Theuse of military power in combating terror has a realist point of viewof international relations. As put by Morgenthau (2009), theprinciple sign that helps political realism to dominate the landscapeof international politics is the element of interest defined in thecontext of power. It is the power expression or relationship of powerthat explain realism. Power in realism according to Nalbandov (2012),power in realism has a key place for imposing the influence of acountry abroad by the statement. A state can use four instruments ofpower (IOPs) to enhance its interests on foreign ground commonlyknown as DIME (diplomacy, information, military and economic).Realism is critical of human nature and is interested in defininginternational relations through truths as opposed to idealism.
TheU.S has used various forms of policy response in combating terrorism.Diplomacy which is a realistic view of international relations hasbeen effective in several instances and prevents the situation fromgoing out of hand. The use of military power, although effective inthe end is costly in terms of human, economic, and socialperspectives. Mostly, military action creates long term scars thatmay renew terrorist efforts and even have support from thecommunities around them. Therefore, economic sanctions and diplomacyappear to be the best ways to address terrorism without damagingrelations or impacting damage or loss of lives.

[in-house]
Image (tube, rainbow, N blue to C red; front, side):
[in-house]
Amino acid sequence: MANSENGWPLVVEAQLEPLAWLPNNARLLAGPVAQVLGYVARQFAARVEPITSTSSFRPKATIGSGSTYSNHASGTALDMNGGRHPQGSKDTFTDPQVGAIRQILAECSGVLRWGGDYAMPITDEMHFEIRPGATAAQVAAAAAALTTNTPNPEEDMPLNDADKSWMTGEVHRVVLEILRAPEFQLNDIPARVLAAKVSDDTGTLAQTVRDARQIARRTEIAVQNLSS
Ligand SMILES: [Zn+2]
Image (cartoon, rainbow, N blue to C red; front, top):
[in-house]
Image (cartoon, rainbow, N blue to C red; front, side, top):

Inanother perspective, the governments world over need to improve theliving standards of its people through social and economicempowerment to ensure that its population especially the youth arenot lured into joining terrorist groups. Education can also be usedas a tool to help children understand from a tender age that noreligion supports terrorism, but it is certain groups that guise inreligion to achieve their political, social or economic goals.
Theissue of terrorism is real and has had significant damage on thesocial, economic aspects of the population world over. The recentrise of terror attacks by the ISIS is a clear reminder that the waron terror is far from over. The policy response by the United Statesagainst terrorism has been broad but has not been able to address theissue of terror. The combination of various tools is necessary tovictor this war. With president Obama’s recent comment on theatrocities committed against an American journalist shows that moreneed to be done to fight terrorism. Of most important is theinternational community to work together to fight this crime.
Amble,J. C., & Meleagrou-Hitchens, A. (2014). Jihadist Radicalizationin East Africa: Two Case Studies. Studiesin Conflict & Terrorism,37(6),523-540.
Hoffman,B. (2013). Insideterrorism.Columbia University Press.
Morgenthau,H.J. (2009). `Six Principles of Political Realism` inRobert J. Art and Robert Jervis (eds.). InternationalPolitics.Pearson Education Ltd.
Nalbandov,R. (2012). Instructional Narrative Three, SEC6302,Angelo State University. Retrieved http://ramport.angelo.edu(November 20, 2014).
Smith,S., Hadfield, A., & Dunne, T. (Eds.). (2012). Foreignpolicy: theories, actors, cases.Oxford University Press.
TerrorismResearch (n.d). Whatis Terrorism?Retrieved http://www.terrorism-research.com/ (November 20, 2014).